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March 30, 2012

Often times, a police officer seeks to justify the stop and search of a defendant by characterizing a neighborhood or area as “high crime.” The officer’s characterization of the area as “high crime” requires careful examination, which issue was recently explored in the 1st District case of People v. Harris, 2011 IL App. (1st) 103382 (No. 1-10-3382)(September 2, 2011). In Harris, the Court looked to U.S. v. Montero-Comargo, 208 F.3d 1122 (9th Cir. 2000), for the proposition that the police characterization of an area as “high crime” requires careful examination because it can easily serve as a proxy for race and ethnicity. The Court identified the following factors as relevant to the evaluation of whether the State has sufficiently established that the location is a high-crime area for Terry purposes: (1) whether there is a nexus between the type of crime most prevalent or common in the area and the type of crime suspected in the stop at issue; (2) whether the geographic boundaries of the area are limited; and (3) whether there is a temporal proximity between the evidence of heightened criminal activity and the date of the stop at issue.  A motion to quash arrest and suppress evidence should be granted if the State fails to present detailed evidence concerning the level of crime in the area where defendant was stopped, including timing, frequency, and the specifics of a location.  Relevant issues include whether the police were responding to any calls or reports and whether the boundaries of the area were well-defined. If those specifics are lacking, the stop and seizure of a defendant cannot be considered a lawful Terry stop and a defendant’s motion to quash arrest and suppress evidence should be granted.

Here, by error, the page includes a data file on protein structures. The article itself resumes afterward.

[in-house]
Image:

If these issues apply to your situation, contact John McNamara for help.